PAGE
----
Like millions of Americans, Isabel Manrique felt the effects of the pandemic early on, when her employer cut her days at the restaurant where she worked. However, by giving her Latinx community what she could as a volunteer at Pittsburgh Latinx community center Casa San Jose, Manrique found a new purpose.
“When the pandemic started, I became completely depressed. I used to work at a restaurant and they cut my days,” Manrique, now a community leader for Casa San Jose, said in Spanish. “I didn’t work for four months. Then, I became a volunteer, and I felt much better helping somebody and seeing how people were so thankful and wanted to help, too. Being a volunteer changed my life.”
Manrique was one of three speakers at Friday’s town hall event, titled “COVID-19: The Pittsburgh Latinx Community Experience & Response.” The town hall covered the impact of COVID-19 on Pittsburgh’s emerging Latinx community and featured Latinx speakers from the School of Public Health’s Center for Health Equity and Casa San Jose.
The event is one of many the University is hosting as part of Hispanic Heritage Celebration Month, which is from Sept. 15 to Oct. 15. To ensure all Latinx community members could feel welcome and participate, the event made a live Spanish interpretation available through Zoom.
Dr. Patricia Documet, the director of Latinx Research and Outreach for the Center for Health Equity, presented data about the social determinants of health that often disproportionately affect the Latinx community. According to Documet, the determinants that fall in the categories of living conditions, work, health care and policies have been exacerbated by the pandemic.
Documet said Allegheny County has seen an emerging Latinx population over the past two decades. According to Documet, Latinx only make up 2.2% of the population in Allegheny County, and out of 130 zip codes in Allegheny County, Latinx individuals are in all except 18. However, there are only 12 zip codes with more than 500 Latinx people. She said the scattered population leads to a lack of information and services as well as a nominal sense of belonging and a feeling of invisibility among the Latinx community in Pittsburgh.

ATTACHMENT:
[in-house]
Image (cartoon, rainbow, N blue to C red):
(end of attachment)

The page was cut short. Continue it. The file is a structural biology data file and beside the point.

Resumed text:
“The challenge we have is to reach out to a scattered, disconnected, low-income population who mistrusts the system, and I would say with very good reason,” Documet said.
But the community has been working to combat these challenges. Casa San Jose is a nonprofit community support center in Pittsburgh that provides access to food, resources for English language learners and financial services.
Veronica Lozada, a community organizer with Casa San Jose, discussed the new role the center took on during the pandemic.
“We had to improvise, emptying the desks and tables in our office to just focus on what is needed for the community. We started receiving donations and collecting fresh foods to send out,” Lozada said.
Lozada said during the pandemic, everyone at Casa San Jose understood they needed to adapt their services to better fit their mission of “advocating for and empowering Latinos by promoting integration and self-sufficiency.”
“But the need was not just food. Around this time there was insecurity about COVID, and we needed to find a way to send information to the community,” Lozada said. “So, the volunteers delivering the boxes started educating the community about COVID, how to keep safe and where they could find food pantries.”